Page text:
Tuesday, January 31, 2012


Getting excited folks as the date of the rat game show leans backwards from the future towards us .... This passage is also out of The Book Of Symbols, Reflections on Archetypal Imagery (Taschen). From fire dragon Matt Dooley. Who has kindly agreed to lend me a third eye recording device (helmet cam) for the show.


Who knows what makes us play? The young of very many species, including our own, spontaneously chase, leap, twist, wrestle and cavort, promoting strength and endurance, instinct, social bonding and adaptation. Complex play with objects and goals is associated with more complex brains. But playing is also, apparently, just for the sheer pleasure of play. An aquarium fish will repeatedly leap in and out of a tiny waterfall. Ravens have been observed sledding on their backs down slopes of snow, and kea parrots toss rocks in the air. Elephants kneel to equalize play with a smaller playmate (Brown, 2ff). Cats, dogs and primates, among others, incorporate objects and obstacles in their play and often have favourite toys. Dolphins invite play with human swimmers. Play, in fact, is a principal way in which acquaintance is made with another.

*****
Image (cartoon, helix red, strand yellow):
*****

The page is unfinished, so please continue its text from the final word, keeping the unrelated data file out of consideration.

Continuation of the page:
Human games are often formalizations of play, framed by fixed rules, while allowing for individual strategies. Many of our most familiar games can be traced back to archaic rituals and myths the cosmology of which is embodied in the structure of the contest. Hopscotch, for example, derives from myths of the soul's journey from earth to heaven through a labyrinth. Chess employs the hierarchy of medieval kingdoms. Games of chance are probably descended from divination rituals, and invoke the mythic forces of fate. In Hindu mythology, the spirit of
lila or divine play, is behind the infinite manifestations of the gods and their maya, or power of illusion. "The divine mother is always sportive. This universe is her play ... her pleasure is in continuing the game." said Ramakrishna of the goddess Kali.

Artifacts of cultures thousands of years old reveal toy conveyances, miniature weapons, pull animals and human figures. Toys come alive through imagination and unconscious projection, reflecting in children the still-tenuous boundaries between inner and outer realities. Like the religious fetishes of antiquity, stuffed animals and dolls in particular reflect numinous facets of their possessors unknown identity. They embody threshold guardians in developmental transitions. They are potent objects of comfort and companionship, expressed affects, urges and compulsions, protection, aggression and role-playing.